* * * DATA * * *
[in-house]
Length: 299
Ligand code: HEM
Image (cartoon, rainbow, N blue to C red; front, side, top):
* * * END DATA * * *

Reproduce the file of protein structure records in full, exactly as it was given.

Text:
[in-house]
Length: 299
Ligand code: HEM
Image (cartoon, rainbow, N blue to C red; front, side, top):